Body Worn Video Steering Group
Gwent Police are the latest Police Force in the UK who will be trialling body worn cameras with funding from the Home Office.
360 front-line officers will be equipped with body worn cameras in a bid to test the durability and reliability of the technology, before rolling them out on a national level.
The pilot was approved by Home Secretary Theresa May, who has been keen supporter of body worn cameras for a number of years.
Ian Johnston, Police and Crime Commissioner for Gwent said “I’m delighted that the force has been awarded this funding and I’m confident that the benefit of using these cameras and the associated technology will be realised in terms of criminal justice savings and in terms of Police Officer integrity and safety.
“Body-worn camera evidence is irrefutable and the principles of securing and preserving evidence are enhanced by them. They will strengthen cases going to the criminal courts.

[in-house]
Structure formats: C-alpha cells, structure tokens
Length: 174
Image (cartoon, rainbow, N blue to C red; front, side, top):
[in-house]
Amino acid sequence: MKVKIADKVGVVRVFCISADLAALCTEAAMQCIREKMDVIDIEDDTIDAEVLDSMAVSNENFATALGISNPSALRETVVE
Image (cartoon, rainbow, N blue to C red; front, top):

“Scientific research also supports the evidence that body worn cameras can assist in de-escalating an incident when the offenders are made aware of its presence. In some cases, they could also provide evidence that will help those who feel aggrieved over the way they have been treated by the police and also to help protect police officers themselves from wrongful accusations.
“The wide-spread introduction of this technology also complements my police and crime plan for Gwent which aims to put victims of crime at the heart of everything we do and ensures that people here are less affected by crime and anti-social behaviour and are protected from serious harm. It also ensures that we can continue in our aim to provide the people of Gwent with a Police service that is value for money.”
Lorraine Bottomley, Temporary Deputy Chief Constable added: “This is very welcome news. The technology offers benefits in terms of transparency, building trust with the public as well as allowing officers to have an accurate and verifiable digital record of incidents.
“Evidence from other force areas which have used this technology indicates that its can increase the number of early guilty pleas and successful prosecutions in relation to incidents investigated by the Police.
“This will provide more positive outcomes for victims of crime as well as generating considerable cost savings for the taxpayer in way of less protracted court hearings. Other Forces have also seen a decline in the number of vexatious or spurious complaints against officers which can and does waste a lot of precious police time and resources.”